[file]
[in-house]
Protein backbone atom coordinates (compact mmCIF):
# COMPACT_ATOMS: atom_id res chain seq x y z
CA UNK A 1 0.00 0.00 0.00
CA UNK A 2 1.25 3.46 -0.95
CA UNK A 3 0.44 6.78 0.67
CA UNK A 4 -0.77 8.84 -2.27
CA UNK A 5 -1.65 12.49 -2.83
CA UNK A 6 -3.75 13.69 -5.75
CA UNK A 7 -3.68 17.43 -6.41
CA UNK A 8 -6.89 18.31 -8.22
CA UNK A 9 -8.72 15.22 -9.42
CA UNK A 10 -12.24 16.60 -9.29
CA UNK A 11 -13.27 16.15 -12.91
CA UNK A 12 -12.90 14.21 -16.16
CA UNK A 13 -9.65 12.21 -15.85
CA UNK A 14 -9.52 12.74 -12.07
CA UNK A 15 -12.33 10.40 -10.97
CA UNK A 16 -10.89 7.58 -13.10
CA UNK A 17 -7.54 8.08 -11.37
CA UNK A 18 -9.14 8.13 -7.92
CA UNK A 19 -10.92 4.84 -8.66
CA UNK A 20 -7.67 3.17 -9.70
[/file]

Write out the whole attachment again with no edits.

[in-house]
Protein backbone atom coordinates (compact mmCIF):
# COMPACT_ATOMS: atom_id res chain seq x y z
CA UNK A 1 0.00 0.00 0.00
CA UNK A 2 1.25 3.46 -0.95
CA UNK A 3 0.44 6.78 0.67
CA UNK A 4 -0.77 8.84 -2.27
CA UNK A 5 -1.65 12.49 -2.83
CA UNK A 6 -3.75 13.69 -5.75
CA UNK A 7 -3.68 17.43 -6.41
CA UNK A 8 -6.89 18.31 -8.22
CA UNK A 9 -8.72 15.22 -9.42
CA UNK A 10 -12.24 16.60 -9.29
CA UNK A 11 -13.27 16.15 -12.91
CA UNK A 12 -12.90 14.21 -16.16
CA UNK A 13 -9.65 12.21 -15.85
CA UNK A 14 -9.52 12.74 -12.07
CA UNK A 15 -12.33 10.40 -10.97
CA UNK A 16 -10.89 7.58 -13.10
CA UNK A 17 -7.54 8.08 -11.37
CA UNK A 18 -9.14 8.13 -7.92
CA UNK A 19 -10.92 4.84 -8.66
CA UNK A 20 -7.67 3.17 -9.70